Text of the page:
… That ability for nuanced writing, for creating characters who are at once terrifying and engaging, is one of the things that I particularly respect about Brenda Peterson. The mother in “Duck and Cover” is clearly erratic (she almost reads like a manic/depressive) and frequently abusive, but she’s also got an undeniable charm.
The ability to hold both sides of a character clearly in view is not easy in a book, any more than it’s easy in life. One of the challenges in dealing with my dad’s death was moving beyond the point where I wished he had either been all good dad or all monster to understanding the the reality of him was that he was both.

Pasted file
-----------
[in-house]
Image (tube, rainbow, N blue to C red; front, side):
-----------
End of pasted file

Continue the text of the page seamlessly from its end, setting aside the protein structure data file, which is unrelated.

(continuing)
Her depiction of the father as a husband and father who deals with his wife’s excesses not by curbing them and protecting their children but by escaping into his work is likewise familiar.
A dangerous parent can only survive with a partner who denies the reality of what’s happening, or who actively joins in the abuse. One of the truths that this book holds is that it is not enough to simply be kind and loving if one finds one’s self in an abusive relationship. Good parenting sometimes requires hard actions. Sometimes it means apparently betraying a spouse who might in some ways be a good and wonderful person. It is not simple.
Anyone who has experienced a reality like that will recognize if not details, certainly outlines, in the parents in “Duck and Cover.”